Lift-off patterning processes using solid-condensed-gas layers as resists
Conformal thin films as resists
These inventions (see also case 2310) involve the use of gases directly solidified onto cryogenically cooled substrates to form conformal thin films as resists for lithographically patterning the substrates. Examples of such gases are water vapor and rare gases, such as argon. Water as a resist is placed on the substrate directly from the gas phase, patterned with an energetic beam (electron, ion or light), and then the rest is removed by sublimation.
Electron or ion beams were shown to sublimate water ice from silicon substrates and to allow the patterning of the substrate with sub-20nm metal lines. This excellent resolution was accomplished without any attempts to optimize the process and with 5nm diameter beams and can likely be improved. The use of frozen gaseous resists appears not to suffer from the proximity effects seen with polymer resists which lessen the pattern resolution available with polymer resists.
Another use of the frozen gaseous resists is to hold 1D substrates rigid allowing them to be cut. Carbon nanotubes coated with water ice were easily cut using an ion beam - this is a major advance in the field because previously there was no reliable way of cutting nanotubes at predetermined locations.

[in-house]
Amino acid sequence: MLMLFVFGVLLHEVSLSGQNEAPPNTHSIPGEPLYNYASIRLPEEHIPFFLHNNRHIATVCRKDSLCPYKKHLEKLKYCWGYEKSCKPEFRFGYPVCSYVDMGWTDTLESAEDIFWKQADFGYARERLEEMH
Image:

A further surprising discovery is that some resists and substrates can chemically react in the presence of the energy released by the beam and leave a thin film of reactant in a pattern determined by the beam. Water as a resist on silicon substrate and then exposed to an electron beam left a thin coating of silicon oxide. This discovery opens up a new way of placing a very thin film of silica dielectric in any predetermined pattern and could be very useful in the microelectronics fabrication.
Innovations and Advantages
This technology has numerous advantages over standard polymer resists such as:
a) gentler conditions (no spinning on of slurries, no baking at elevated temperatures, no exposure to liquid surface tension),
b) economic (fewer steps, no expensive polymer resists and no toxic solvents to dispose),
c) broader array of substrates can be patterned from standard 2D planar inorganic substrates to 3D fragile substrates such as biological substrates to 1D substrates such as nanotubes and nanowires,
d) cleaner processing (all steps occur in a single vacuum chamber, removal of unexposed condensed gasses leaves minimal residues).
Intellectual Property Status: Both Cases 2310 and 2440 were filed as regular utility patent applications in the US Patent Office on December 9, 2004.
For further information see "Nanometer patterning with ice" by King et al., 2005. Nano Letters 5:1157-1160.
King, Gavin M.
Moberly-Chan, Warren J.
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Alan Gordon, Director of Business Development
Reference Harvard Case #2440